The Demos party aims to undercut Western so-called Democracy by applying the principles of ancient democracy to the modern political system.
The party stands candidates in an election. However the aim of the party's internal organisation and constitution is to try and emulate as much as possible the
citizen's lottery aspect of ancient democracy.
So the party identifies the maximum number of constituencies or candidates it can legally contest. Then it purchases the published electoral roll for the country, and it selects the required number of candidates at random from the list of citizens.
It then submits those citizens names as its candidates.
The party infrastructure campaigns by extolling the virtues of a randomly-selected citizen assembly as the primary legislative body for a country, and incites the electorate to vote for the Demos Party candidate whoever that happens to be, taking no account of the suitability or otherwise of that individual to hold high office.
If elected, individual Demos Party candidates are free to do whatever they want. They do not have to take their seat, they do not have to acknowledge or follow the party in any way.
The "leader" of the party and any other legislative officials required by the system e.g.deputy leader or whatever, is randomly selected from the elected candidates. They are obliged to follow the strict party line when discharging their duty as that officer; otherwise they are free to do whatever they want as in all other elected candidates.
Issues that need discussed:
How long does the random lottery selection last? Is there a fresh lottery every election? Or could a "summons" last for two or three electoral cycles, so as to potentially allow some continuity of expertise and experience? Is it a good thing in this kind of random summons system, for there to be a clean sweep every few years, or is it better to allow some continuity?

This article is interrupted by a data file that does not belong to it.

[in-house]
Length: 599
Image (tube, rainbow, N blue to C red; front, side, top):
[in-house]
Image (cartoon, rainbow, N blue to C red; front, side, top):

Is it legal for a person to be stood as a candidate and elected against their will? I think the law may vary from country to country. In cases where the randomly selected candidate can legally strike down their selection, the party should have a reserve list so that eliminated candidates can be immediately replaced by the next randomly selected citizen from the list.
There are jurustictions where the vote is cast for a "party list" rather than a named candidate. Thsi requires a slightly different setup.
I think that the party constitution and rules should be custom-tailored to the legal and procedural requirements of each jurisdiction in which it operates.
The party constitution and rules should be incredibly robust and focussed on the mission - being, to game the system to try and inject functional ancient-style random citizen selection type democracy into modern day politics and legislature.
How is the party funded and organised? Presumably it has paying members, donors, etc. but there must be strong constitutional rules and processes to stop mission creep or entryism.